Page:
Photo by Gabriella Clare Marino on Unsplash
December 5, 2021

Liberal arts and the benefit of doubt

John Tan, CEO, Doyobi
2 min read

In the New York Times Op-Ed ‘A once-in-a-century crisis can help educate doctors’, Molly Worthon made a case for humanistic disciplines like history and philosophy in medical education. She called “the evidence-based hard sciences that produce perfectly objective knowledge versus the fuzzy humanities that gesture at feelings” a false dichotomy and urged medical schools to bring humanities and social sciences back to the curriculum. She reminded us some of civilisation’s best chroniclers of the human condition are doctor-narrators, from Anton Chekhov of yesteryears to Atul Gawande today. Formal training in the humanities also helps physicians understand the cultural context of diseases (e.g. why Covid death rates are disproportionately higher in Black and Latino communities) and makes it easier for doctors to empathise with their patients.

The same weekend, Stephen Fleming wrote a piece in the FT about metacognition and the benefit of doubt. He asserted that what makes humans different from computers is our ability to know what we don’t know. “The ability to doubt, to question ourselves, to pursue what we don’t yet know yet, powers the scientific creativity that created AI in the first place.” This self-awareness, coupled with the ability to act on our curiosity, has brought humanity forward over thousands of years. As computers become more powerful and as AI plays an increasingly dominant role in our everyday lives, we risk overestimating the importance of complex, technical skills while losing sight of the need to develop humanistic skills like creativity and critical thinking, skills that make us uniquely human in the first place.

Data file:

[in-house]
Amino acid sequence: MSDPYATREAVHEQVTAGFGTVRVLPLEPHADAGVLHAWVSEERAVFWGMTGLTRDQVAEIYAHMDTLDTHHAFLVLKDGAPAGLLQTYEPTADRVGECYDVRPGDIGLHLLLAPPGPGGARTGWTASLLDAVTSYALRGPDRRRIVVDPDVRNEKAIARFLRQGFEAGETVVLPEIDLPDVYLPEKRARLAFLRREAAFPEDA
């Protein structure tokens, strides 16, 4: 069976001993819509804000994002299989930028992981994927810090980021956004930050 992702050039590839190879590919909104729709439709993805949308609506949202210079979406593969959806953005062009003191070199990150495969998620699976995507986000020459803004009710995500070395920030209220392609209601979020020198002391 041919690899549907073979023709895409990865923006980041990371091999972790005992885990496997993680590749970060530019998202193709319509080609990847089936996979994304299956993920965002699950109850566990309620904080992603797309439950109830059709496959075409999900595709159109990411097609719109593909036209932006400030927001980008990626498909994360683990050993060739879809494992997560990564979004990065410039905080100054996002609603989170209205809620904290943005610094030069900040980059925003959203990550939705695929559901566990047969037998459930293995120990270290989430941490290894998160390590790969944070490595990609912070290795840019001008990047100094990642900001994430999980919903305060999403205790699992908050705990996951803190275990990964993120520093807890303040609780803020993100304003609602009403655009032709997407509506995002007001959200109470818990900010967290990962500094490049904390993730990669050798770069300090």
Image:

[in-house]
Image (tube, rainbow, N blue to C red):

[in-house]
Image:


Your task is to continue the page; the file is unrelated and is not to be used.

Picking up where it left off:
Joanna Radin, the Yale historian, said, “med schools are recognising that accepting students on the basis of test scores alone isn’t necessarily the best indicator of the kind of health providers you want.” Jonathan Sacks, the UK’s former chief rabbi, wrote in his book Morality that ‘if we seek to preserve our humanity, the answer is not to elevate intelligence… [It is] self-consciousness that makes human beings different.” How we educate our children shows up in the type of doctors we get, the kind of adults our children become. For humanity to continue to progress and not become servants to AI bots, we need our children to learn to think, imagine, empathise, invent. Only a tiny minority has the privilege of going through a liberal arts college education (if college is still a thing 20 years from now). To develop humanistic skills in as many young people as possible, we need to be teaching these skills in K12 schools to all kids, not in college to a handful of college students. The need is urgent, and the time to act is now.


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